Community service fundraisers and a food drive have been part of an ongoing campaign at Oakdale Junior High School, raising student awareness about various needs in the community.
To help spur efforts, the second period homeroom classes often compete against each other to see who can contribute the most.
The school just wrapped up “Pennies for Patients,” a fundraiser to benefit the Leukemia and Lymphoma Society. OJHS Leadership advisor Candi Crawford reported that the students raised a total of $678 school-wide.
Rachel Torres’ class brought in the most money to contribute, raising more than $250. Cheryl Thompson’s class brought in $110.
Torres contributes part of her class’ success in fundraising to sharing stories with her students about the people who will benefit, and she also allows her students to share their own experiences. As well, she makes it a point to have students share the information about the community service events with their families.
“Parents have stepped up, donating large amounts,” she said. “…One student brought in $100.”
Torres noted that she had other students who brought in $20 apiece.
“Overall, I find that everyone in my class, pretty much, gives. Even if it’s a couple dollars,” she added.
In the fall, the school held a food drive to benefit Oakdale’s Community Sharing. Torres’ class won that competition as well, as they brought in a whopping 1,100 food items for the food drive.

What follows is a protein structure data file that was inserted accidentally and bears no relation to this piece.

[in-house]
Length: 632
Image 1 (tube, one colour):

She said that she motivated her students by pointing out to them that there are many local families who have lost their homes and jobs in this economy and are struggling. She told them that there are also students who are homeless in this community. This type of information “opens their eyes,” she said, and makes them realize that they don’t live in a bubble.
“The food drive was amazing — twice as much food was donated this (school) year compared to last,” said Crawford. “The students really did a great job helping out the Oakdale community. Ms. Torres’ class and Mrs. (Gillian) Weggener’s class really did a fabulous job — they were the winners bringing in the most cans.”
Torres said that junior high age students feel very strongly about everything, which, she believes, plays a role in them getting on board to help others.
“These kids are so motivated by good causes. They’re passionate,” she said. “…I tell them, ‘if you don’t have money or goods, then donate your time’… I would like to see them volunteer hours.”
Crawford said that the school is currently in the process of collecting money for the Relay for Life event in honor of former Magnolia Elementary School Principal and school board member Pam Antinetti, who died earlier this year. Each classroom is hosting a collection bottle labeled “Coins for a Cure” to benefit the American Cancer Society. A prize will be given to the top two classrooms.
Following spring break, the school will also conduct a similar effort to help the Haiti earthquake victims.
“(Students) Hannah Hanko and Kalkidan Curtis brought this idea to the student council meeting after the tragedy happened in Haiti,” Crawford said. “The money that is collected will be donated to Unicef. I am very proud of the girls for starting something like this at our school for those less fortunate. Our student council was very willing to sponsor the fundraiser school-wide to help out.”
Torres said that she tries to create a community within her classroom and gives her students praise for what they do.
“If you give them the opportunity to rise above and to do something positive, they will meet your expectations,” she said.